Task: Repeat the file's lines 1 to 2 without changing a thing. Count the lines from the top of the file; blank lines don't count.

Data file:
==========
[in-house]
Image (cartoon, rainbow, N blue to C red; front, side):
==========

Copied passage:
[in-house]
Image (cartoon, rainbow, N blue to C red; front, side):